Whistleblowers, Honesty and Accountability

The Securities and Exchange Commission is stepping up its’ Whistleblower Award program. The program allows for up to 30% of the monies collected in the enforcement action to be given to the individual who tips them off to the illegal activities, such as fraud. The most recent whistleblower received $150,000.

The Commission is authorized by Congress to provide monetary awards to eligible individuals who come forward with high-quality original information that leads to a Commission enforcement action in which over $1,000,000 in sanctions is ordered. The range for awards is between 10% and 30% of the money collected.

When companies defraud other companies or their customers, they harm everyone involved. They harm their employees by asking them to engage in sin. They harm their customers or partners by creating false expectations or withholding critical information that would help their customers make better decisions. And their untrustworthy reputation can spill over to the community at large and damage the prospects of other businesses flourishing within that community. While they might create short-term profits, they nearly guarantee that they won’t be around for the long term because, over time, others will cease doing business with them. When businesses close up, this hurts the community and to the extent it is frequent, it makes it that much more difficult to attract new businesses to the community. Strong communities depend, in part, on honest businesses that can sustain themselves for the long haul.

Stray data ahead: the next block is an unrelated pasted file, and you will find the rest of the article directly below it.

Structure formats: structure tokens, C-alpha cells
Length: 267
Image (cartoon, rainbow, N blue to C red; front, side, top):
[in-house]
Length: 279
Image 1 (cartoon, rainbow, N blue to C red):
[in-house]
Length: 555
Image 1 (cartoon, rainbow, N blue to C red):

Some don’t like the whistleblower laws. I understand. But the damage dishonest players can inflict on others is the reason the laws were created in the first place.

As Christians, our word is our bond. Let your “Yes” be “Yes” and your “No” be “No”. Truth-telling in sales and marketing is the pretext to us keeping our word. Christian businesses should never over-promise. They should never exaggerate in their marketing or withhold critical information their customers need. Truthfulness should be a hallmark – a foundation – of how we do business.

If you don’t keep your word – if you exaggerate or lie – then your employees will do the same. That is a cancer that must be dealt with swiftly and decisively – first within yourself and then within your business. It won’t be easy. But it starts with you – the business owner – being 100% committed to 100% truthfulness 100% of the time. No lies. No excuses. No exceptions. People may not like what they hear and they make take great exception to what the truth is, but they will not be able to say you have lied when you practice truth-telling 100% of the time.

Bill English, CEO